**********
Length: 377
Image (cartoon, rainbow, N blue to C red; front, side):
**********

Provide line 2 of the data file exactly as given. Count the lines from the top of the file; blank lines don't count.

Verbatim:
Image (cartoon, rainbow, N blue to C red; front, side):